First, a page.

Boost.Python allows users to specify class properties. You can read about this functionality in the tutorials or in the reference manual. Since version 0.8.2 Py++ provides a convenient API to specify class properties.

Usage example

struct number{
    float value() const;
    void  set_value( float );
    float m_value;
mb = module_builder_t( ... )
number = mb.class_( 'number' )
number.add_property( 'ro_value', number.member_function( 'value' ) )
number.add_property( 'value'
                     , number.member_function( 'value' )
                     , number.member_function( 'set_value' ) )

This is rather the hard way to add properties to the class. Py++ comes with built-in algorithm, which automatically recognizes properties and adds them to the class:

mb = module_builder_t( ... )
number = mb.class_( 'number' )
number.add_properties( exclude_accessors=False ) #accessors will be exposed

Small advise to you: try add_properties algorithm first, it should work. If it doesn’t than:

  • Please, bring your use case to the developers of Py++, so we could improve it
  • Switch to the add_property method for a while

Call policies

Consider the following use case:

struct nested{ ... };
struct data{
    const nested& get_nested() const
    { return m_nested; }
    nested m_nested;

In order to expose get_nested member function you have to specify its call policies. Same precondition holds for exposing member function as property:

mb = module_builder_t( ... )
get_nested = mb.member_function( 'get_nested' )
get_nested.call_policies = call_policies.return_internal_reference()
mb.class_( 'data' ).add_properties()

Py++ will take the call policies information from the relevant accessor.

Property recognition algorithm


In general the algorithm is very simple. Py++ understands few coding conventions. It is aware of few widely used get\set prefixes. It scans the class and its base classes for accessors and after this it tries to match between “get” and “set” accessors. If there is “set” accessors, but there is no “get” accessor, property will not be constructed. At least one accessor should belong to the class. In new property will override an existing exposed declarations property will not be created and warning will be written.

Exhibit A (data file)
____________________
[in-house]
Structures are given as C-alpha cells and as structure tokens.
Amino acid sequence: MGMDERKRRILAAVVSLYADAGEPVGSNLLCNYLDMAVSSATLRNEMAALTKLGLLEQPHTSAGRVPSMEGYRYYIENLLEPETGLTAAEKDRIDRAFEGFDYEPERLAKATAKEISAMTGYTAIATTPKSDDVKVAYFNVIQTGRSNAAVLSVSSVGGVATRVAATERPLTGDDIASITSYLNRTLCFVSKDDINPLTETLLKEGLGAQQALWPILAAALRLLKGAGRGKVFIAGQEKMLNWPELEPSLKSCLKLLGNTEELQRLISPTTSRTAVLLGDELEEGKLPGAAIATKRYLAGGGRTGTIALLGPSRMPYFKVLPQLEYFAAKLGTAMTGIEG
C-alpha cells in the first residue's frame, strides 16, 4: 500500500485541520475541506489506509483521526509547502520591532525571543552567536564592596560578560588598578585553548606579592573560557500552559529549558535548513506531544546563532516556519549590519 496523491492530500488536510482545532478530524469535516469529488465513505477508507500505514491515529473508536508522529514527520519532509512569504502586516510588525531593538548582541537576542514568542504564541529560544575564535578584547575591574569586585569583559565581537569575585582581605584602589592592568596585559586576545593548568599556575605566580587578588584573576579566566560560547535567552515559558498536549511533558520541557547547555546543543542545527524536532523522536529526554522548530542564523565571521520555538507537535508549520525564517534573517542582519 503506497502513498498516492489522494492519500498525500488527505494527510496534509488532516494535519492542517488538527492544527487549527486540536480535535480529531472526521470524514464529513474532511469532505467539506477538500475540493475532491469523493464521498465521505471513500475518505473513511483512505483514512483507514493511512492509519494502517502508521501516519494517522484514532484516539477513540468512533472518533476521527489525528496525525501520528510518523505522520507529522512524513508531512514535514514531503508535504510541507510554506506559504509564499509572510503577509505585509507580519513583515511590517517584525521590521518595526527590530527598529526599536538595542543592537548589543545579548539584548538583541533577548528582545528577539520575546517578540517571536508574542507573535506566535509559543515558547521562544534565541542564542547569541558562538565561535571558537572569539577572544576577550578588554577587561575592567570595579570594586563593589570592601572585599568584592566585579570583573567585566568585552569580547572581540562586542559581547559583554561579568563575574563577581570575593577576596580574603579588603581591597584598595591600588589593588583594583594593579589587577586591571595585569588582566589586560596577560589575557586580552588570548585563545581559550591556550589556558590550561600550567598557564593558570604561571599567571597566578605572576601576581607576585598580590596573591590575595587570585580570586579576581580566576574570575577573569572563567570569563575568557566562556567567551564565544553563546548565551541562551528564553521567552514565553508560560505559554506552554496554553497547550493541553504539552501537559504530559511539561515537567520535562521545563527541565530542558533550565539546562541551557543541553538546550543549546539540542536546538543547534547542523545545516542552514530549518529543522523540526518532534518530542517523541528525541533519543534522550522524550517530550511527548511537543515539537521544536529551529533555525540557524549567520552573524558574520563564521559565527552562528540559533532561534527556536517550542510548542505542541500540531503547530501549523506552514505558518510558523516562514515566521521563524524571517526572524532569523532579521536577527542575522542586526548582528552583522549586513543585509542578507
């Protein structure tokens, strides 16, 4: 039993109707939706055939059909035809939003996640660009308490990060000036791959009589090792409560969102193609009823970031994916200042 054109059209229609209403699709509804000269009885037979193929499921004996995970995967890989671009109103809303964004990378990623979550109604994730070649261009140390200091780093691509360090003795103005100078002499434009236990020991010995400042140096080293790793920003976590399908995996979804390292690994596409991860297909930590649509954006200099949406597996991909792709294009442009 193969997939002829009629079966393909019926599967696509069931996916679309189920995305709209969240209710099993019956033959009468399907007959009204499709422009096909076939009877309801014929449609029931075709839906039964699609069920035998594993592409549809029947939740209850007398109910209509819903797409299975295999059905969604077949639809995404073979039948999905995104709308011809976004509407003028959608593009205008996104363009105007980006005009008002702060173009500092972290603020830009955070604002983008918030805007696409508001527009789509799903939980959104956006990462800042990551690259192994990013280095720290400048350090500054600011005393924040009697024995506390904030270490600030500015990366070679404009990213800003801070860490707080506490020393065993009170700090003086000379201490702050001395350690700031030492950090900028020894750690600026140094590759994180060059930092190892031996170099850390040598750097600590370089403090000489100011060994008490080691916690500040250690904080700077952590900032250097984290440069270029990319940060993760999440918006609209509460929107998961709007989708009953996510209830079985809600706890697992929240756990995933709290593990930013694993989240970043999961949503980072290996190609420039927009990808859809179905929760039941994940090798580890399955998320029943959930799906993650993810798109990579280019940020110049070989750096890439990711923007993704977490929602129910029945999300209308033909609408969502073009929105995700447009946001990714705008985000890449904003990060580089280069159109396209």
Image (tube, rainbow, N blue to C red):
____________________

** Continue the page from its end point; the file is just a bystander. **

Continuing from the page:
Find accessors

This part of the algorithm is responsible for finding all functions, which meet get\set accessors criteria.

“get” accessor criteria

  1. It does not have arguments.
  2. It has return other than void.
  3. It does not modify the instance - has const attribute.
  4. It does not have an overload.

“set” accessor criteria

  1. It has only 1 argument.
  2. Its return type is void.
  3. It do modify the instance - doesn’t have const attribute.

There are also few rules that applies on both accessor types:

  1. Accessor should be included.
  2. Accessor should be “public”.
  3. It should not be static.
  4. It should not be pure virtual.

Recognize property

This part of the algorithm is responsible to recognize the pair of “get” and “set” accessors, which constructs the property. Py++ does it by analyzing name and type of the accessors.

Py++ understands the following coding conventions:

  • lowercase_with_underscores
  • UpperCamel
  • lowCamel

It is also aware of few common prefixes for set\get accessors: get, is, has, set, <<empty prefix for get accessor>>.


You can use doc attribute to specify the property documentation. If you don’t, than Py++ will construct documentation, which will describe from what functions this property was built from.